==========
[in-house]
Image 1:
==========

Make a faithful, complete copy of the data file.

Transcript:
[in-house]
Image 1: